### Video Transcript

Which of the following formulas correctly shows the relation between the frequency, the speed, and the wavelength π of a wave? Number one: π is equal to π over π. Number two: π is equal to π minus π. Number three: π is equal to π plus π. Number four: π is equal to π over π. And number five: π is equal to ππ.

Now this is an important equation to remember. We need to memorize this. So what weβll go through in this video is the answer. And then a way of checking that weβve got it right. So first of all, the answer: itβs number five. π is equal to ππ. Obviously, this is something we need to know. But there is a way of checking it, like we mentioned earlier.

What we can do is use something known as dimensional analysis. Basically, what it means is to compare the units of each thing on the left-hand side to the units of everything on the right-hand side. And the idea is, is because weβve got an equation, thereβs an equal sign in it, then the units of the left-hand side must be equal to the units on the right-hand side because the two things are equal. So carry on watching if youβre feeling a bit brave.

Letβs start with the left-hand side. Weβve got speed π. We can recall that speed is defined as a distance divided by time. Itβs basically the amount of distance travelled in a unit of time. And we can look at the units of distance and time. We know that distance is measured in meters. And time is measured in seconds. So the units of speed are meters per second.

Next, letβs look at π, the wavelength. Well, π is a wavelength. It measures a distance. Therefore, it has units of meters.

And finally, letβs go on to frequency. Now this one is a bit more tricky because frequency is usually measured in hertz. But we can also recall that frequency is defined as one divided by the time period of a wave. This time period is defined as the time taken for an entire cycle of a wave to travel past one point in space. Basically, thereβs a wave travelling to the right. And imagine that weβre standing here. Well, the time period is how long itβll take an entire cycle, thatβs all of this until this point here, to travel past where weβre standing. Or, in other words, how long it takes for this point to get to where weβre standing. But remember, we donβt have to start on the peak of a wave. We could always start on the trough, or anywhere else on the way for that matter.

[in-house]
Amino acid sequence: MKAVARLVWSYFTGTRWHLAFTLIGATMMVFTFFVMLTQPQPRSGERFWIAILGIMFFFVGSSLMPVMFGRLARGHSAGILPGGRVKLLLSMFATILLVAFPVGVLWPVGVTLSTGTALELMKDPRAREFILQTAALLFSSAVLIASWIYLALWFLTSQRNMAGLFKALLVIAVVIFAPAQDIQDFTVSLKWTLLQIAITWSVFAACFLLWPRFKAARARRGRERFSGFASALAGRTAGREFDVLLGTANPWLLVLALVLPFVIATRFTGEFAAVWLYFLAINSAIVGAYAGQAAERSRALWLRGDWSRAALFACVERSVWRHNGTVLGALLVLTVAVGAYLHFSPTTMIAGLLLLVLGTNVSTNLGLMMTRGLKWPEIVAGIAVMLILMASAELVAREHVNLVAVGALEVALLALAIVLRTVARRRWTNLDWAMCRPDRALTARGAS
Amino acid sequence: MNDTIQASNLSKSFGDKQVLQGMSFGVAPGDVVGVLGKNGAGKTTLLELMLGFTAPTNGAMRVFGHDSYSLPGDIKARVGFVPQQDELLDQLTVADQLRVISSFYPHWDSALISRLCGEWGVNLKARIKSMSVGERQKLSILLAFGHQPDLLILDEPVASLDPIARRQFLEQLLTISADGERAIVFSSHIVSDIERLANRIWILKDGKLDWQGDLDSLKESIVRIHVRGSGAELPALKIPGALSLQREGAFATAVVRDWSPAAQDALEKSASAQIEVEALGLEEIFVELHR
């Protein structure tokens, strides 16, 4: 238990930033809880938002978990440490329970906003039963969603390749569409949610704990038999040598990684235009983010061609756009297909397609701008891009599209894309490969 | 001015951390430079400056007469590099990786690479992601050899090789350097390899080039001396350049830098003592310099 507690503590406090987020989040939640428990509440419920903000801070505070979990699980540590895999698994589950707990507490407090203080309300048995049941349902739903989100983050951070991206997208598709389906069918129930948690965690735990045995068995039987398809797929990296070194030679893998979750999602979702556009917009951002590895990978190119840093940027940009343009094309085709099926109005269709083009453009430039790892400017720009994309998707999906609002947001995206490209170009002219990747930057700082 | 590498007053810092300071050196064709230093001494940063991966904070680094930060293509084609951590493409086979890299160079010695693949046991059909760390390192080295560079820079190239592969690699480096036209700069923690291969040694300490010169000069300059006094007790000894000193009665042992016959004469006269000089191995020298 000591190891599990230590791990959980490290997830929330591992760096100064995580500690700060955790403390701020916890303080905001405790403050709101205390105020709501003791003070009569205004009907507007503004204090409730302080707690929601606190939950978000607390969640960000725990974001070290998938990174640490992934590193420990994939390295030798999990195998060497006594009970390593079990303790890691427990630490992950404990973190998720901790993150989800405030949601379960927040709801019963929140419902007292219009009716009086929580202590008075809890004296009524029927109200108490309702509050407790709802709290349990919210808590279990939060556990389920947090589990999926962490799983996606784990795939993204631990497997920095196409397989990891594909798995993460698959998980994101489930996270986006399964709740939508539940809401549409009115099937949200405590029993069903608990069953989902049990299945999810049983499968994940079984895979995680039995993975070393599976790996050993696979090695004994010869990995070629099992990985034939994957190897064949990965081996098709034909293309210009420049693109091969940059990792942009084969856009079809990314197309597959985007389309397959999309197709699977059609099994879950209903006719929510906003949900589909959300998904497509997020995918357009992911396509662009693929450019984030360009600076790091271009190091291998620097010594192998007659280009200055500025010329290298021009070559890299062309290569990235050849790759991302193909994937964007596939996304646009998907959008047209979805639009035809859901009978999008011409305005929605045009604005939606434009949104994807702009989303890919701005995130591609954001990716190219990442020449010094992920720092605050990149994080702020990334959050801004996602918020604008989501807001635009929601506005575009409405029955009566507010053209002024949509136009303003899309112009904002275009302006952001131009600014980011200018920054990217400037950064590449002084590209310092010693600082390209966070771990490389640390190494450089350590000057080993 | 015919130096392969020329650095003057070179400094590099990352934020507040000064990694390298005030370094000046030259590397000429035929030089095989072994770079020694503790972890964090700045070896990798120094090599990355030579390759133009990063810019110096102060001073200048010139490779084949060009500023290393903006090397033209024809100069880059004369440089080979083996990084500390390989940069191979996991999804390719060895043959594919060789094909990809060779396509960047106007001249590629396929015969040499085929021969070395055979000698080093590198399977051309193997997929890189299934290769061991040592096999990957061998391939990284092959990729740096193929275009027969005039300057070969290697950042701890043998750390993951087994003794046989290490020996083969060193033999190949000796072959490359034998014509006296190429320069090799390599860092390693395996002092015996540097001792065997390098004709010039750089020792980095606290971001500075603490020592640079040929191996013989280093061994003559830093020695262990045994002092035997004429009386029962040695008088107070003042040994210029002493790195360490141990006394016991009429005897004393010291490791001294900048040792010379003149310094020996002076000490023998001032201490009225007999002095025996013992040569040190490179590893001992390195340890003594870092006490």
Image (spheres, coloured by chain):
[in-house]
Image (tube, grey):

So the time period of the wave is however long it takes the next adjacent, equivalent point, which is this trough here in this case, to travel to where weβre standing. And frequency is simply one divided by this time period. So for frequency, weβve got one divided by the units of time which happens to be one divided by seconds.

Now, if we take our final answer, π is equal to ππ , then we can compare the units. On the left-hand side, weβve got the units of speed which happens to be meters per second. And on the right-hand side, weβve got frequency which is one divided by seconds multiplied by π which happens to be meters. And of course, the right-hand side simplifies slightly to give us meters per second. Therefore, the units on both sides of the equation are equal. And our final answer is: π is equal to ππ.